Common Milkweed

For those of you who are thinking about the Monarch butterflies and want to plant milkweed (something in the Asclepias genus) and are thinking big, think Asclepias syriaca, or common milkweed. A volunteer showed up in my garden two years ago.

Since this plant spreads not only by seed but also from its roots, it's reported to form large colonies. Being a gardener who likes not only big plants but plants that spread, I left it alone to see what would happen. What happened was that I had a clump of about 10 stalks last year -- not really the thug I had read about.


As a reminder, this is what the plant looked like last year, mid-June:

Beautiful, right?

Well, this year I'm seeing the results of this tendency to spread (third year leap, right?), with the thick, rubbery shoots coming up everywhere in a 6-8' (1.8-2.4m) radius around the original plant!

Do you see them in the background of this photo?

They're coming up all over the place, and since they grow 5-6' (1.5-1.8m) tall they're not the type of plant that I want sprinkled throughout this bed, especially not the front of the bed!

If left to grow, they'll shade out everything here...

Some even made it across the path into the other half of the prairie beds:

I'll leave those, but will dig up the rest of them -- or just remove the shoots.

I transplanted three divisions of this last fall, and they appear to all be alive:

I didn't get all of the roots though, as there are more shoots coming up in the original area.

Incidentally, these look quite similar to the dogbane (Apocynum cannabinum) shoots that are coming up everywhere (due to reseeding -- I'm so lazy with removing seed pods!):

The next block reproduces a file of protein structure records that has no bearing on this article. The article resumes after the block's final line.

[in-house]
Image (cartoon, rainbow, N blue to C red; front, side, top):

Dogbane has more slender stalks and the leaves aren't as big. I pull so many dogbane shoots each year but it's such a great pollinator attractor...

Back to the milkweed though. It turns out that these are sometimes difficult to dig...

...with the roots being a bit deeper than you'd think and you only end up severing the stalks:

I did manage to get some bare roots...

...and a couple of intact divisions:

The large one got transplanted back into the garden next to one of last fall's divisions, but the other was potted up... were the bare roots. Those are an experiment to see what happens.

So if you've got a lot of space to fill (or a large container) and want to plant something that the Monarchs just can't miss, try Asclepias syriaca!

Incidentally, I saved one of the seed pods (removed the others before they had a chance to ripen):

If you're in the US and want a few of these seeds (and don't have a field or natural area near you where these are growing) send me an email (check the "about me" page) and let me know. Remember, this is a big, spreading plant!


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Mark and Gaz  – (May 4, 2015 at 1:40 PM)  

It looks very ornamental with those rather large leaves, nice!

Charlie@Seattle Trekker  – (May 5, 2015 at 10:52 AM)  

I replanted my garden about four years ago to be more friendly to butterfly's and started to see results this past year...It was so worth the effort.

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